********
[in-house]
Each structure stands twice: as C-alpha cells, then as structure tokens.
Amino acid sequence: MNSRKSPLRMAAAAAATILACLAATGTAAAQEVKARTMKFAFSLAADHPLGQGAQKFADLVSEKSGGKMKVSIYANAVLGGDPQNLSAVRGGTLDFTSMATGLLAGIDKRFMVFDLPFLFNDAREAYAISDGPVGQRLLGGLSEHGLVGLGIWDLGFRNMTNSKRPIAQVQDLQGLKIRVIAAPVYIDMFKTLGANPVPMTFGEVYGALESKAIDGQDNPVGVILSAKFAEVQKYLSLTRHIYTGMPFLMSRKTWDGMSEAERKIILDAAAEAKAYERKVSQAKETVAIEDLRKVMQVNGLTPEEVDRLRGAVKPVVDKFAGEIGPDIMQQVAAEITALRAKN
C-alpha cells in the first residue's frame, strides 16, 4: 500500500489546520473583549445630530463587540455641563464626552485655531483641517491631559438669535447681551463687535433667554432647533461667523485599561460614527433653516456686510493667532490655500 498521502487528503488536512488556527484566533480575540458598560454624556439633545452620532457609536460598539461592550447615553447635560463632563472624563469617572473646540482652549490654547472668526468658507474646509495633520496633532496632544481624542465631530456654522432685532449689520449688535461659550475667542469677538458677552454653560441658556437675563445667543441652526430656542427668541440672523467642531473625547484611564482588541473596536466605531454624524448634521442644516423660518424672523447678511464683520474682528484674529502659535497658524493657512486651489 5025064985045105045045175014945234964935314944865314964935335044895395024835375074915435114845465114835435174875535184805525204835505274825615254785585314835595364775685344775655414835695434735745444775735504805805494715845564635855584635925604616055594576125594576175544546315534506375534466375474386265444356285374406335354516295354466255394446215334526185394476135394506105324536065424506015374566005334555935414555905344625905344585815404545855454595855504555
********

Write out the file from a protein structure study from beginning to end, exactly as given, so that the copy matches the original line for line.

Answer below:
[in-house]
Each structure stands twice: as C-alpha cells, then as structure tokens.
Amino acid sequence: MNSRKSPLRMAAAAAATILACLAATGTAAAQEVKARTMKFAFSLAADHPLGQGAQKFADLVSEKSGGKMKVSIYANAVLGGDPQNLSAVRGGTLDFTSMATGLLAGIDKRFMVFDLPFLFNDAREAYAISDGPVGQRLLGGLSEHGLVGLGIWDLGFRNMTNSKRPIAQVQDLQGLKIRVIAAPVYIDMFKTLGANPVPMTFGEVYGALESKAIDGQDNPVGVILSAKFAEVQKYLSLTRHIYTGMPFLMSRKTWDGMSEAERKIILDAAAEAKAYERKVSQAKETVAIEDLRKVMQVNGLTPEEVDRLRGAVKPVVDKFAGEIGPDIMQQVAAEITALRAKN
C-alpha cells in the first residue's frame, strides 16, 4: 500500500489546520473583549445630530463587540455641563464626552485655531483641517491631559438669535447681551463687535433667554432647533461667523485599561460614527433653516456686510493667532490655500 498521502487528503488536512488556527484566533480575540458598560454624556439633545452620532457609536460598539461592550447615553447635560463632563472624563469617572473646540482652549490654547472668526468658507474646509495633520496633532496632544481624542465631530456654522432685532449689520449688535461659550475667542469677538458677552454653560441658556437675563445667543441652526430656542427668541440672523467642531473625547484611564482588541473596536466605531454624524448634521442644516423660518424672523447678511464683520474682528484674529502659535497658524493657512486651489 5025064985045105045045175014945234964935314944865314964935335044895395024835375074915435114845465114835435174875535184805525204835505274825615254785585314835595364775685344775655414835695434735745444775735504805805494715845564635855584635925604616055594576125594576175544546315534506375534466375474386265444356285374406335354516295354466255394446215334526185394476135394506105324536065424506015374566005334555935414555905344625905344585815404545855454595855504555